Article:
money could buy. My first three weeks in Bishkek un­folded the great­est ev­ery­day chal­lenges I had ever faced in my twenty-six years of life. Street signs, restau­rant menu’s, gro­cery brands, the la­bels on my wash­ing ma­chine and even the Find­ing Dory movie poster on the road­side were all writ­ten in Rus­sian. I re­alised very quickly that I had to at least read and write the cyril­lic script, as well as, learn the ba­sics of the lan­guage if I had any hope of do­ing much more than walk­ing to work and back to my apart­ment dur­ing my fel­low­ship. It is re­mark­able what the hu­man brain can do in sur­vival mode. Six weeks in, I was flu­ently read­ing and writ­ing cyril­lic… heck, I had even learnt Mi­crosoft Ex­cel func­tions in Rus­sian and was hold­ing ba­sic con­ver­sa­tion with col­leagues in the lunch room. The most com­mon mode of pub­lic trans­port in Bishkek is the “Mashrutka” — a fleet of mini­van’s that stop at a wave any­where on the road and com­monly hold at least ten ad­di­tional pas­sen­gers than le­gal. I quickly learnt that Mashrutka’s are not built for any­one above 5’10” in height. Spend­ing many sweaty, dry, sum­mer af­ter­noons sar­dined be­tween peo­ple as we drove over the bumpy pot­holed streets of the cap­i­tal, I fi­nally de­cided I would opt for the elec­tric bus com­mute in­stead. It was on the bus one morn­ing that I ex­pe­ri­enced one of the hall­mark mo­ments of my Kyr­gyz ad­ven­tures. I had opted to stand, given it was peak com­mute time and the bus was full to the brim with chil­dren head­ing to school, adults head­ing to work and the grow­ing over-60’s pop­u­la­tion head­ing to the near­est park for a morn­ing walk. As I stood there with feet planted firmly on the ground as re­sis­tance against the chaotic ride, I was tapped on the shoul­der by an old Kyr­gyz man who, along with the rest of the pas­sen­gers, was a fa­mil­iar face on the bus ev­ery morn­ing. “Kogda Vy rodilis?”, he asked with kind wrin­kled eyes. I flicked through the rolodex of Rus­sian phrases in my mind be­fore reg­is­ter­ing that he had asked me where I was born. “Fiji, Vy znayete?”, I asked in bro­ken Rus­sian, if he had heard of my is­land home be­fore. He looked con­fused and kept re­peat­ing the words, “Fiji… Fiji”. Be­fore I knew it, the ques­tion had spread through-out the bus like wild­fire and all fifty Kyr­gyz com­muters were now in in­tense con­ver­sa­tion, try­ing to fig­ure out where on earth Fiji was. The bus driver parked up on the side of the road and joined his pas­sen­gers in the ge­o­graph­i­cal puz­zle. I tried draw­ing a map in the air, I even im­i­tated a rugby match, the waves of the ocean and a sway­ing co­conut tree — which only re­sulted in ev­ery­one burst­ing out into fits of laugh­ter be­fore sway­ing from side to side like co­conut trees them­selves. A month later, the Fiji Seven’s team won a gold medal in the Olympics. Sit­ting in my apart­ment early that morn­ing, watch­ing the medal cer­e­mony, I had never felt more home­sick. I wiped the over­flow­ing tears of joy from my eyes and made my way to the bus stop. As soon as I got onto my usual bus, ev­ery­one from the bus driver to the mid­dle aged lady in the back­seat car­ry­ing her usual plas­tic bag of veg­eta­bles erupted in cheer — “Fiji! Gold! Fiji! Olympic Gold!”, they all shouted and cheered, lay­ing heavy pats and hugs on me as I walked to my spot. That morn­ing, in a coun­try as for­eign as for­eign can be, I felt right at home. That morn­ing, I re­alised that true hu­man­ity lies in the abil­ity to find joy in cel­e­brat­ing the joy of oth­ers, no mat­ter how dif­fer­ent our dif­fer­ences are. Liv­ing and work­ing in Kyr­gyzs­tan was the best thing I ever did for my­self — out of the ini­tial lan­guage, cul­ture and lifestyle chal­lenges came an un­par­al­leled feel­ing of lone­li­ness which ul­ti­mately trans­formed into a feel­ing of pure con­nect­ed­ness. The coun­try it­self is un­touched with breath-tak­ing alpine lakes and moun­tain ranges which stretch out in the form of green hills and snow capped peaks as far as the eye can see. The Kyr­gyz peo­ple are beau­ti­ful souls who wel­comed me into their lives and homes with open hearts and soft smiles. Mar­cus Aure­lius once wrote that the pur­pose of life is fel­low­ship — out of my lit­eral Kiva fel­low­ship place­ment came a gen­uine ex­pe­ri­ence of true fel­low­ship with some of the hap­pi­est peo­ple I have ever met out­side of Fiji. Kyr­gyzs­tan well and truly be­came an ex­ten­sion of home for me.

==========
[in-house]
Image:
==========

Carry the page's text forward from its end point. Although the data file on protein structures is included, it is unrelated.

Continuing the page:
Ala­too Square in Bishkek

Osh Bazaar where lo­cals do their shop­ping ev­ery week­end

The road to the south of Kyr­gyzs­tan

A lo­cal Kyr­gyz woman serv­ing tea

Lo­cal Kyr­gyz child

Newspapers in English

Newspapers from Fiji

© PressReader. All rights reserved.